I resigned from a company (salaried and exempt) that had a semi-monthly payroll system in the middle of February. I understand all the calculations/math behind the paycheck amounts, but due to the timing of my resignation, there were 12 additional hours (23 days in January and 11 days in first pay period February) worked YTD compared to total hours paid (86.67/check). In normal circumstance, these unpaid hours would be made up later during a shorter much such as second half of February. In my case, should the employer make a final adjustment for the 12 hours? I think the method of payroll processing shouldn’t affect the bottom line amount paid to employees. If payroll was processed bi-weekly, I would have been paid for actual number of days worked. Thank you!
Thanks for posting your question. Your best option is to sit with the HR or payroll manager at your prior firm to have them explain how your pay was calculated. When you’re salaried/exempt, your employer isn’t really tracking hours. (Even though they may estimate their standard 35 or 40 hour work week on your paystub). What they typically do is take the annual salary amount and divide it by the number of pay periods. Therefore it’s likely that the extra 12 hours aren’t really captured anywhere. If you left in the middle of a pay period (i.e. Feb 1-15), they would then prorate the number of days at a daily rate (based on your salary divided by the number of standard work days). Only with non-exempt staff do employers have to track actual hours worked. Best of luck to you.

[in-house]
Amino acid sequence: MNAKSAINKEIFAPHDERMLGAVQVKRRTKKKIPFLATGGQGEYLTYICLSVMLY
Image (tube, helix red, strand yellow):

Laura, HR Staff Writer
Remember that with the Semi-Monthly Payroll, you are receiving less paycheck than if you are paid weekly. This can be very tricky and if you’re living paycheck to paycheck or if you have automatic payments based on direct deposits, this can be a problem with insufficient funds in your account.
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